In addition to food, the festival boasts a number of cocktail, foraging and alcohol master classes. James Chase from Chase Distillery will expertly guide you through spirits, wines and ciders, while author and forager by day, Andy Hamilton presents ‘Wild Booze and Hedgerow Cocktails’ showing you how you can make delicious cocktails from a hedgerow near you.
Heather Myers, Chief Executive of the Festival said: “This year’s line-up is our biggest and best to date and definitely the most varied.
“Whether you want to come along and explore the market, sample produce from over 220 hand-picked stallholders, or watch demonstrations from some of the finest chefs and food adventurers today, there really is something for everyone.”
Local success story Samantha Evans and Shauna Guinn from Hang Fire Smokehouse came to the Festival last year as stallholders and return this year on the bill, since winning BBC Radio 4’s Food and Farming award for Best Street Food 2015.
Sam said: “It’s incredible that just one year on from our first appearance at Abergavenny Food Festival, and just two years since starting this business, we will be standing where our inspirations from the food industry have stood. We’re looking forward to both feeding the Festival goers our brand of Welsh slow and low BBQ and being a part of the Festival over the weekend.”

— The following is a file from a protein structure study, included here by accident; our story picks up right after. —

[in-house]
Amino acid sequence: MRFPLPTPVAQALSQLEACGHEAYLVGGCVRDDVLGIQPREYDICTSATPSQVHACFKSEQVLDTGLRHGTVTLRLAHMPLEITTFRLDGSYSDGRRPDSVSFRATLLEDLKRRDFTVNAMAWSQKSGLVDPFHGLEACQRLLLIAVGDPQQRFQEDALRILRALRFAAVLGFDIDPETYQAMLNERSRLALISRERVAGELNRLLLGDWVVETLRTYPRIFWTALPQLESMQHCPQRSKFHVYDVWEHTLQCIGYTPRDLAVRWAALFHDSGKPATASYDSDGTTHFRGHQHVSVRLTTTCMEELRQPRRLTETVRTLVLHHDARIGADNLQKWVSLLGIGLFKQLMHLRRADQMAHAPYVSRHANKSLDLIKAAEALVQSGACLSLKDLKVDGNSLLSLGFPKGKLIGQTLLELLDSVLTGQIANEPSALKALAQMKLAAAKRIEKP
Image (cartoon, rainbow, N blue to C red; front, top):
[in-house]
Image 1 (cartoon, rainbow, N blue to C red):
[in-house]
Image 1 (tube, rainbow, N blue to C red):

Shauna added: “This Festival is the highlight of the foodie event calendar and we’re delighted to be included in all aspects of the programme, for the first time, as we share the alchemy of meat smoking.”
Alongside the bursting programme, Festival favourites return including the Night Market, transforming the Lower Brewery Yard into a magical place to eat, drink and hangout. New for 2015, the Festival will introduce the Meat Market, where you’ll find a selection of the best meats and butcher demonstrations Wales has to offer. The new Craft Brewery will create a relaxing area to sample some of Wales’ best-loved craft brews and ciders.
With parties on both tonight (Swing Time at the Castle) and tomorrow (Party at the Castle) evenings, visitors can experience music, dancing and food in the enchanted atmosphere of Abergavenny’s ancient castle.
The Artisan Kitchen School gives a unique opportunity to receive expert tuition first hand, taking your creations home with you. Children can show off their culinary talents at the Food Academy with a weekend of free hands on workshops for over 320 children and activities to tempt the most budding mini-master chef.